Constantinople is a language created by Nathan van Doorn. It is named as such because he had Istanbul, not Constantinople stuck in his head.
In Constantinople, memory is stored in a list, the first element of which is another list, filled with 0s. The rest of the list is filled with 0s.
There are two datatypes, the list, and the bit, which can either be 0 or 1. Lists are infinite and lazily evaluated.
replace m with n replaces whatever's at m with n repeat n starts a repeat block, which repeats the commands to the corresponding end command while n evaluates to 0 end ends a repeat block in n replaces n with a bit from input out n outputs the bit n. head n returns the first element of n tail n returns everything but the first element of n nand m with n returns m NAND n. m and n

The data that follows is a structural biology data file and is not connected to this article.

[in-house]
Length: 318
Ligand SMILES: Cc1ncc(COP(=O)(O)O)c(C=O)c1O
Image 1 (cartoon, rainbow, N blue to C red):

Brackets (i.e. "(" and ")") are used to change evaluation order, and clarify what's an input to what.
The head and tail of a bit are the value of the bit. When a list is used in nand, repeat, or out, the first element of the list is used instead.
head, tail, and nand may only be used in an argument context. replace, repeat, in and out must not. (The ... in repeat is not an argument context.)
If an argument is missing, it is assumed to be the main list.
repeat tail in head out end